What I find interesting about Zindler's point is that he is not presenting darwinism per se as the death knell to Christianity, but universal common descent as Christianity's death knell. In other words, a Behe style ID does nothing to diminish his argument. Data like about 100 known disease producing mutations in common between chimp and human do much to support his argument. ID does not require a literal Adam and Eve. However, Biblical theology, as understood within the context of modern evangelical hermeneutics does. Zindler's point is hardly insignificant. bFast
Dr. Dembski, Atom, When I combine both of your analyses, I come to a particular insight - Theistic Evolution is opposed to ID precisely because ID is scientific. TE is totally consumed with a particular dogma that agrees with Gould's NOMA. Only they see NOMA as good for religion and the religious status quo. The new atheists are opposed to NOMA, because they rightly perceive it as a comprimise. What the new atheists don't get is that ID itself is opposed to NOMA. Their failed perception is perhaps due to a chosen ignorance, and not that they just don't have the information. CannuckianYankee
I disagree with Prof. Dembski on this one, at least in a technical sense. I think he's correct that evolution does not imply atheism in the least. In fact, I'm overjoyed to read him saying as much. But I disagree that atheism implies evolution. A universe where things just popped into existence - worlds, planets, organisms, etc - is entirely compatible with atheism, so long as A) These things popped in uncaused, or B) Whatever caused these things to pop into existence was not related to a mind, however directly or indirectly. A 6000 year old world with whole populations of biological organisms, along with planets and the rest, pop into existence is compatible with atheism. The only difference is one of intellectual, emotional, and tactical investment - and atheists have invested quite a lot into evolution. And part of the reason for that investment is the investment of many (though not all, maybe even not most) Christians* in opposing evolution. If Christians tomorrow universally switched to viewing evolution as compatible with their faith, or (whether due to ID or explicitly philosophical/theological reasons) as supporting evidence of their faith, evolution would cease to be important for atheists. Atheism does not imply evolution. If anything, it implies a belief that must be married to any theory of origins, regardless of whether this theory is evolution or something else. That said, I think many times those who oppose ID would normally be considered ID proponents. Stephen Barr is one example of this - he has said explicitly that he does not believe evolution is "unguided", "without purpose", etc. Things one must commit to to be a card-carrying Darwinist. And yet, he attacks ID. This discussion is more complicated than some simple embrace of Darwinism over ID. (* There are, of course, other theists than simply Christians. But in the west, Christianity is specifically in the crosshairs of most atheists.) nullasalus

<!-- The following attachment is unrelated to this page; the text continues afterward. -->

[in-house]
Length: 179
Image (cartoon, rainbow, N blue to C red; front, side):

Well done, Dr. D. tribune7